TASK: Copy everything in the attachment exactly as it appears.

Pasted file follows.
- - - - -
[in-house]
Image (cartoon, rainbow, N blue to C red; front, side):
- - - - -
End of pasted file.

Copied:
[in-house]
Image (cartoon, rainbow, N blue to C red; front, side):